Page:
2nd January 2013
I do hope you and your family are well and had a restful Christmas break. I would like to thank you personally for all of the work you did to oppose the Pinkham Way waste management site. What a tremendous victory for the PWA and New Southgate. I know I speak for many when I express my gratitude to you for all of your endeavours in this issue, too.
The issue that I would like to raise with you today however is the proposed bedroom tax which is due to be implemented in April of this year. I am not sure of your views on the matter, but I have been following a group on Facebook for quite some time now which has a membership of over 5,000, and I have been very upset by some of the things that I have read there. Whilst I personally am not going to be affected by the bedroom tax as my home is mortgaged (and we don’t have enough room anyway!), I have become increasingly worried about a lot of the welfare reforms that I have been reading about and this one in particular seems incredibly poorly thought out and deeply unfair.
The main problem as far as I can tell is that a huge number of the people who are going to be affected by this tax are vulnerable and/or unwell, and the amount of stress that this is causing them is unimaginable. I read of one lady, for example, who has been living in her home for the past 27 years and suffers from Asperger’s and OCD. Her husband passed away six years ago and her son is grown and has moved away. This particular lady is usually only able to leave her home when assisted by a neighbour, and of course having lived in her home for nearly three decades she has invested a great deal of time and care into its upkeep. She is now suffering real worry that she will have to leave the home that she shared with her husband and all of the memories therein, and leave behind the vital support that she has from her friend and neighbour.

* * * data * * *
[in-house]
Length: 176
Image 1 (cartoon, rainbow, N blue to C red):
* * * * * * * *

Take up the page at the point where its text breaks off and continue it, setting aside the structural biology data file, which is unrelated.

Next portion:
I would love to be able to say that this example is an isolated incident, but it seems from all I have read that a huge number of people who will probably have to leave their homes as a result of this tax are in similar positions. I also spoke with a gentleman who has had it suggested to him that his three teenage daughters ought to share one bedroom. As a father of six I am sure you will agree that this would be really quite disastrous and is not conducive to either rest, study or harmonious living, particularly during the teenage years.
David, I can fully appreciate that there is a huge shortage of affordable housing in the UK right now, but surely taxing people who are already vulnerable and struggling to make ends meet, even if they do have a “spare” bedroom, is not the right way to solve the problem. Whilst I realise that the economy is very difficult at the moment and building more social housing perhaps isn’t viable at the present time, I truly feel that this particular tax is desperately unfair and should not be implemented under any circumstances. I can see the theory behind the idea, but the reality of it is that people are going to be financially unable to stay in their homes, sometimes homes that they have lived in for decades. There are not enough smaller homes available for people to avoid this tax at any rate, so all it will mean is yet more poverty and homelessness. This surely isn’t the answer.
I know that you possibly don’t have a lot of “clout” in this issue, but I would implore you to look into it further as I am sure you are unaware of the genuine torment that this is causing to thousands up and down the country. The forced move of thousands upon thousands of people who either do not wish to move or are not in a position to do so is utterly deplorable. The individuals and families who are going to be affected by this tax are those who are in no financial position to bear the extra expense, not least of the tax itself but also the cost of moving, setting up home elsewhere and all of the associated expenses involved. I don’t think I even need to mention the upheaval and stress this will cause to them.
I do believe that offering positive incentives to people who are willing and able to downsize their homes would be a genuinely excellent idea, but this simply isn’t the way that it should be done.
My thanks in advance for your attention to this matter David, and I would like to take this opportunity to wish you all the best for 2013.